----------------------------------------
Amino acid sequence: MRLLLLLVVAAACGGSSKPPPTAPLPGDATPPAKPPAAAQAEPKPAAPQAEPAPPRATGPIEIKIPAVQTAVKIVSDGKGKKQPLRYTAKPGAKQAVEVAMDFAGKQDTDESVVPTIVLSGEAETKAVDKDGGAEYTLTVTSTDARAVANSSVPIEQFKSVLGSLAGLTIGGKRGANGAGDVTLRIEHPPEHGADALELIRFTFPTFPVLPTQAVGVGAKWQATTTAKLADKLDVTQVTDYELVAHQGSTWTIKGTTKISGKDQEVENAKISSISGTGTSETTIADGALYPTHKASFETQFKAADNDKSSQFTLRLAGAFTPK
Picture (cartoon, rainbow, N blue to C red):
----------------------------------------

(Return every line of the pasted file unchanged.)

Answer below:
Amino acid sequence: MRLLLLLVVAAACGGSSKPPPTAPLPGDATPPAKPPAAAQAEPKPAAPQAEPAPPRATGPIEIKIPAVQTAVKIVSDGKGKKQPLRYTAKPGAKQAVEVAMDFAGKQDTDESVVPTIVLSGEAETKAVDKDGGAEYTLTVTSTDARAVANSSVPIEQFKSVLGSLAGLTIGGKRGANGAGDVTLRIEHPPEHGADALELIRFTFPTFPVLPTQAVGVGAKWQATTTAKLADKLDVTQVTDYELVAHQGSTWTIKGTTKISGKDQEVENAKISSISGTGTSETTIADGALYPTHKASFETQFKAADNDKSSQFTLRLAGAFTPK
Picture (cartoon, rainbow, N blue to C red):